The media is characterised by strong broadcasters, a newspaper sector struggling to adapt to digital change, along with powerful Korean-owned online portals, social networks, and messaging apps.
Top Brands % Weekly Usage (TV, Radio and Print)
|Weekly use||Main source|
|Yonhap News TV||24%||4%|
|TV Chosun news||21%||2%|
|Channel A news||19%||1%|
|Maeil Business Newspaper||13%||1%|
|The Hankook Ilbo||7%||0%|
Top Brands % Weekly Usage (Online)
|Weekly use||Main source|
|YTN news online||24%||3%|
|KBS news online||22%||3%|
|JTBC news online||20%||2%|
|SBS news online||16%||1%|
|MBC news online||16%||1%|
|Joongang Ilbo online||15%||2%|
|Chosun Ilbo online||15%||1%|
|Hankyoreh Shinmun online||14%||1%|
|Yonhap News online||13%||2%|
|Kyunghyang Shinmun online||12%||1%|
|Dong-a Ilbo online||11%||0%|
Overview of key developments
By Sonho Kim
Senior researcher, Korea Press Foundation
While TV remains popular in general with Koreans, TV news has suffered a gradual decline from levels of around 95% in 2011. Public broadcaster KBS is the most widely used source offline but has done less well online while SBS, another popular TV news outlet, has invested heavily in its online news brand, along with a data journalism team. Cable news channels such as JTBC, TV Chosun, MBN, and Channel A – owned respectively by newspapers Joongang Ilbo, Chosun Ilbo, Maeil Business Newspaper, and Dong-a Ilbo – have increased in popularity, while 24-hour cable news channel YTN has lost market share in recent years.
Web-portal sites such as Naver and Daum are popular digital news platforms, with about 70% of Korean people accessing news this way at least once a week. In addition to news, these portals offer web search, email, blogs, computer games, shopping, and messenger services. Naver is also the creator of the messaging app Line, though it has been a separate corporation since 2014. In the same year, Daum merged with Kakao, which operates chat app Kakao Talk along with the social networking site Kakao Story.
Given the debates in the US and Europe about the growing power of platforms and intermediaries, it is interesting to note that news providers in Korea have been eager to publish their content via portals for years. Publishers are paid for their content but the terms are kept confidential.
Naver and Daum last year together formed a Committee for the Evaluation of News Partnership, complete with a set of ethical standards to help decide which providers should be eligible to supply news to portals.
Korea is the home of Samsung and LG and consequently a market leader in mobile devices, with around 85% smartphone penetration. 1 Mobile news consumption (66%) has increased dramatically since 2011 when a Korea Press Foundation survey showed just 11% accessing this way. 2 Those who access news via smartphones and tablets now exceed those who access news via personal computers.
The number of Koreans reading newspapers has fallen significantly over the last few years to around a quarter of the population (compared with 45% in 2011). With print subscriptions plummeting, many newspaper groups have been focusing their efforts on cost cutting and innovations in digital technology. Chosun Ilbo, the largest newspaper online and offline, launched a VR news app while Financial News has introduced robot journalism to cover stock market developments. Maeil Business Newspaper is also planning to use robot journalism and VR technologies to promote their content. Using advanced natural language processing techniques, the Korea Press Foundation recently launched a news archive titled ‘Big Kinds’, akin to IBM Watson’s News Explorer, in order to support newspapers’ automation of news.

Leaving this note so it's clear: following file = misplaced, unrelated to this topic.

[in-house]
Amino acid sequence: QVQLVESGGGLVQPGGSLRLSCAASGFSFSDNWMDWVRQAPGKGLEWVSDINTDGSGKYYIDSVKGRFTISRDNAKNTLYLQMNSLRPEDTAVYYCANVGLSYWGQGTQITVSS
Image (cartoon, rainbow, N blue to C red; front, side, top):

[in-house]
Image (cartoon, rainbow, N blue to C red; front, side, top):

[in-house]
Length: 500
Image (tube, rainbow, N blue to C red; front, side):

Several foreign brands have entered the Korean news market including Huffington Post Korea – in a partnership with the Hankyoreh Shinmun. Although Huffington Post Korea’s share is still low, it is notable for its adoption of native advertising as its primary business model. BuzzFeed is expected to launch its Korean news service later in 2016.
Most online newspapers remain ad-supported. Indeed, in 2015, the Wall Street Journal withdrew from Korea after it became clear that a paywall strategy would not be successful due to the extent of free news. Digital native publisher, Ohmynews, known for integrating citizen journalism and professional journalism, has struggled financially for years.
The usage of ad-blockers appears to be below average (12%) among the 26 countries in this study. This may be because portal websites tend not to use pop-ups and carry relatively few banner ads.
Paying for news
Online news is mainly supported by advertising. Very few newspapers charge directly for news online in Korea.
Historically, trust in journalists and news organisations has not been high in Korea. In particular, misinformation about the Sewol ferry sinking in 2014 and about the outbreak of Middle East Respiratory Syndrome in 2015 affected trust in the news media.
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TOP SOCIAL NETWORKS*
- As of Feb. 2016, the number of smartphone service subscribers had reached 44.1 million – Ministry of Science, ICT and Future Planning: https://msit.go.kr/
- The 2011 news consumption data are from Media Audience Research published annually by the Korea Press Foundation. ↩